Handsome fellow. He looks dashing in red.

After a few really nice rides, we had an extremely crappy lesson on Thursday.  Derby was dead and behind my leg, and was resistant, going around giraffe-necked and bracing. I had gone over him with a fine toothed comb prior to saddling, and hadn’t found any soreness, and indeed, his resistance wasn’t the sort of emphatic “get off me now or I’ll see that you do” resistance one encounters when riding a really back-sore horse.  It was more along the lines of “Don’t wanna.”

Christy suggested I canter him to wake him up, and while the canters were OK (decent quality, decent tempo, fairly prompt transitions) he still didn’t offer any really good gaits. So, because he didn’t offer, I had to ask –  nay, insist. I had to really ride.

It was really tough to get him to stretch into contact and relax. Christy had me work the stretch, which resulted in only achieving a barely passable working trot, but at least his back came up and he rounded.

All in all, it was a tough and unsatisfying ride, despite the fact we only worked for about 40 minutes, and didn’t work terribly hard.  The culprit, we know, is fitness. So Derby bought himself an additional ride on Friday.   I don’t normally ride on Fridays, and was in fact taking Good Friday off, but I juggled my schedule and got out to the barn mid-morning.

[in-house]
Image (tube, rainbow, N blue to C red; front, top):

My plan was to primarily do a lot of trot work, with a bit of canter thrown in, and the ride went according to plan.  Derby felt really good, I had my nice forward horse again, so I took advantage of it, working on adjusting the trot from a smaller (but still round) gait on the short ends to the big, pushing trot down the long sides.   While Derby was still a hair resistant and I had to really stay on top of him to get the roundness I wanted, he was listening to my halt halts and we motored strongly through some circles, serpentines and diagonals.

We did to a little canter work, but I made the decision to focus mostly on staying moving for a longer duration of time, and trotting is the way to build good top line.

It is hard to stand still for a picture when I really should be inspecting her pockets for stray sugar cubes.

I was also very happy with the quality of walk I had when we were taking breaks.  He was focused and forward, marching strongly, with a nice swingy back.

At the end of the ride, I couldn’t resist the sunny day, so I dismounted, grabbed my jacket (it was cool and breezy despite the sun) and we cooled out in the outdoor. I did some lateral work, spiraling in and out on a circle, and doing shoulder-in both directions before letting him stretch and free walk around.  We ended schooling some walk-halts.  I was very, very pleased with the ride on Friday.

Derby gets the next couple days off.  On Friday afternoon, he got his spring shots, and we always rest the horses the day after vaccinations, because they sometimes feel a little icky afterward as they adjust to the vaccine, just as we do when we get flu shots.  Sunday is Easter, and I have family visiting, so I’ll be skipping the barn that day, too.  It’s supposed to be very pleasant this weekend, so hopefully Derby and his pasture mate Remy will spend most of the weekend snoozing in the sun, resting up for next week’s work!

About Sarah Skerik
Sarah Skerik is an experienced digital business executive and strategist with a long track record of success in team leadership, employee development, marketing and business development.

2 Responses to Ride.

  1. Fitness is so important. More riding for you, but hey, isn’t that why we’re here? 😀

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